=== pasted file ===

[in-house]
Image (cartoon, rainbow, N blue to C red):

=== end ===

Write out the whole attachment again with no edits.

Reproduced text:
[in-house]
Image (cartoon, rainbow, N blue to C red):